Book 1 – The Dragons’ Bane Chronicles
Enjoy this free excerpt
Smooth stones shifted beneath my feet as I limped toward the dragon’s cave. Anger buzzed in my head with no outlet. Two miles of walking on a sprained ankle hadn’t helped my mood, or the injury. In addition to the ankle, which continued to complain with every step, my left eye felt swollen from a recent blow. The blow itself didn’t bother me so much. Instead, I was concerned by why she hit me and how I got away.
Two miles south lay Barrington, a village sandwiched between the kingdom of Puji and the mountains of Goldoon. Almost five thousand people lived in the village, including the families who had taken me in. Every winter for the past six years one family or another had taken me in as a housekeeper or cook, and shared what little food they had with me; rarely enough to truly satisfy me, or them. Eventually they would start to resent having me there. Thus every year, around the start of spring, I would find some reason to leave.
This year, the reason had reached out and grabbed me by the throat, literally. There was no real love for me there, and hadn’t been since my nanny died almost six years ago. Why should they care about a little orphan girl?
The cave before me wasn’t the adventure others might see. I wasn’t here in a vain attempt to gain treasure or impress someone with my bravery. No one else in the village knew there was a dragon nearby. For me, this was my one escape from the cruelty of the world. The only place left where someone showed me kindness instead of hatred and violence.
The last few feet were the trickiest of all and my injured ankle gave out. I scraped my hand on the cliff in a failed attempt to stop my fall.
“Cortiban’s bones!” The curse escaped my lips. Frustration boiled over and I had to close my eyes to contain the anger. Pulling myself up by grabbing the face of the cliff before me, I put all my anger to the task of overcoming the pain. I kept my eyes shut as I limped through the protective magic hiding the mouth of the cave. If someone watched as I entered, they would see me walk through solid rock. A protective spell hid everything inside. Now the magic hid me as well.
I dared to breathe and look around. My eyes fell first on the pile of gold coins and smashed or mangled gold trophies of various kinds. The pile was near the back of the cave and served as Miazan’s bed, though he rarely slept. The glittering gold still called to me, promising an easy life. But I held those urges back. I had not come to steal from my friend. Plus the penalty for using dragon gold was death in every country. Several swords, shields, and suits of armor were affixed to one cave wall as a sort of trophy collection. The various knights who came to this cave to battle the mighty dragon left them behind, though only a few escaped with their lives.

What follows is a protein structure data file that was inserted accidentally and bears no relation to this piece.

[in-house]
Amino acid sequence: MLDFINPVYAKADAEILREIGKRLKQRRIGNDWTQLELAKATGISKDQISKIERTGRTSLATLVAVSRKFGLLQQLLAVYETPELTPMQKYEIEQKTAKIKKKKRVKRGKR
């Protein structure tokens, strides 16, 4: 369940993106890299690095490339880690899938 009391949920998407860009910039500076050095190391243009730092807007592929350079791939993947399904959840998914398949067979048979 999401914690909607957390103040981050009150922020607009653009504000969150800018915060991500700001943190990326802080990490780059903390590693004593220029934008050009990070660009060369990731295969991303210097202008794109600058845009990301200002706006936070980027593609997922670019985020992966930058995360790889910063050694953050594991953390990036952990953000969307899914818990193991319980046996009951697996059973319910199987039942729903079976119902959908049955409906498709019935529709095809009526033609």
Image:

Miazan stood on four legs on the right side of the cave. His gleaming dark green scales reflected the light from the magic balls embedded in the ceiling. He was showing two horns on his head, though I had seen as many as six at times. He shoved the bloody carcass of his dinner behind his spiked tail. I didn’t care either way. But to him, eating in front of me without offering something would be rude. He rarely ate anything I would consider edible.
There was a fierce beauty to his saurian face which looked both more inviting and more dangerous because of the smile revealing his razor sharp teeth. I tried to speak, but tears streamed from my eyes unbidden, and sobs choked my words before they could even form. He was the one being in the world who never judged me for crying or showing weakness.
In the last six years, Miazan had come to learn quite a bit about my past. Yet in all that time, he’d never brought up the subject of my parents. I certainly didn’t want to discuss them, as I didn’t have any. At least, none I knew of. There had been four families in the last six years which seemed promising, but after the first two started insulting me and eventually beating me, I learned life on the street was better than living with people who didn’t really want me there. Yet the freedom of the streets did not always protect me from being beaten by others.
Getting away from one or two boys was easy, but they often came at me in groups. The fights had become frequent enough for Miazan to ask if I had started them or just finished them. Usually neither. The rich boys were always teasing me about being poor and weak. They called me names, but the one with the most sting was ‘girl.’ They used that word as an excuse every time I was unable to defend myself. They threw it at me as proof of how weak I was. I knew in my head my weaknesses were from being alone and hungry, but it still hurt to hear them use the term girl as the greatest insult they could devise.